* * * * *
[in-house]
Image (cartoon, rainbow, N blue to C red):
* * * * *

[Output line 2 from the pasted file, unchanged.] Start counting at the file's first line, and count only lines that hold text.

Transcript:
Image (cartoon, rainbow, N blue to C red):